Monday, December 9, 2013

Lithuanian Anise Cookies

I wrote this about 3 years ago on my personal blog and wanted to share it here as it is one of the Christmas cookies I try to make every year. My mother's side is Lithuanian and I grew up LOVING these cookies. Hope you enjoy them as much as my family has throughout the years!

Anise Cookies

The first thing you need is a bottle of Anise Oil. Not easy to find. We had to special order it from a family run pharmacy in Downtown Charlottesville. It came in the very next day, most impressive!

Then next thing you need is some inspiration and motivation. Enter the first snow of the year:

This was the view from my kitchen:

And finally you need a small army of strong women. I gathered everyone in the family I could:


6 eggs
3 cups sugar
2 cups mazola (corn) oil
14 cups flour sifted (yes you read that right)
1 tsp. salt
2.5 tsp baking soda
2.5 tsp baking powder
2 cups sour milk or buttermilk (*I will keep you updated if I can find a dairy-free option!)
3/4 tsp anise oil

And the directions verbatim from "Aunt Nell:"
1. Beat eggs well. Add sugar and mix well. Add oil and beat well. Add milk and anise oil.
2. Sift 4 cups flour and to this add baking soda, baking powder, and salt.
3. Add dry ingredients (#2) to step #1 liquid mixture. (Just the 4 cups flour to start)

4. Add more flour to make a soft dough (about 10 more cups). 1 cup of this should be used on board to knead at the end. Use beater until it becomes too thick: (I got 7 cups of flour in. You know it is too thick because your red Kitchen aid mixer will start to smell like burning and will be hot to the touch! eek!)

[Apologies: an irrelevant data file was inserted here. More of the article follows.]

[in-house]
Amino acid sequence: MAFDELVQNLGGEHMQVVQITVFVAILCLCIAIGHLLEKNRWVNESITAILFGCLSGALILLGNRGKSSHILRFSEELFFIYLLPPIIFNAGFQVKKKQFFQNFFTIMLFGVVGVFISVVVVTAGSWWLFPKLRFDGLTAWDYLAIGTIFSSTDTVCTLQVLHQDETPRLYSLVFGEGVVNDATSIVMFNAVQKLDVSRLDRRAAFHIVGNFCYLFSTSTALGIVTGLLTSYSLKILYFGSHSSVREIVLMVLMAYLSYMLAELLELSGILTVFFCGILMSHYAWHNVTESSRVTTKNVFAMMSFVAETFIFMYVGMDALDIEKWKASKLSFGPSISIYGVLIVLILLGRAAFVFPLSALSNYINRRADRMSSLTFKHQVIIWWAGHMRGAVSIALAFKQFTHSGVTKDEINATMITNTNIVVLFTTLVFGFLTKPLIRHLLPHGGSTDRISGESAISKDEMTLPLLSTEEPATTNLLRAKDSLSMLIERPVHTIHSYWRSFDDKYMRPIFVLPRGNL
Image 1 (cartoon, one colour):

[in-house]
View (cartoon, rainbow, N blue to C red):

...then use heavy spoon. (This lasted for one more cup of flour =8 then I gave up)...

...then knead it as a dough. Becomes heavier as your progress. Knead it well. (This is where the army of strong women starts to pay off. Thank God I have had a baby to carry around as an upper arm workout.)

5. Take about the size of a walnut and roll in had into string and put together in a circle. Make hole rather big as it closes up when baked. (This was very time intensive, really wishing I had army of women at this point)

6. Bake at 350 degrees for 10 minutes on greased cookie sheet. Turn pan in oven after 8 min. (I don't know why but I'm sure they wrote that for a reason so I did it)

Then you get this, but you aren't done yet!

Icing for Anise Cookies:

1/2 box powdered sugar (AKA 2 cups)
1 tablespoon butter melted
boiling water
a couple drops of anise oil (to taste)
You will use about 1 box powdered sugar for whole recipe. It is best to start with this 1/2 recipe or it becomes hard until you ice all the cookies (true that).

Leave icing in bowl and dip cookies one at a time. Dip upside down and blow hole so it opens then take spoon and remove whatever runs down on sides.

Now here is the thing. They don't specify how much boiling water. Or what to do with ingredients. Basically you get a small bowl and melt the butter then add the powdered sugar. Then you add the boiling water and mix until it is not too thick or too thin. I topped it off with 2 drops of anise oil at the end. You just have to get a feel for it. You want some transparency but not too here are what mine looked like:

I got a little fancy and added some extra flair by flinging extra frosting all over:

Is it worth the work? YES. Husband and friend approved. Makes enough to mail to family for Christmas, and take to 2 Christmas parties, and eat some everyday for a week. :) Now all you need is a shot of Veritas and you are a true Lithuanian!


  1. I love this reading! So funny. I want to be part of your growing army of women the next time you attempt to make these <3 Love, Mom

  2. I'm going to make these for the office Christmas party this year. I live in Honolulu and I'm always looking for ways to show off my Lithuanian heritage. Everyone here thinks it's so exotic!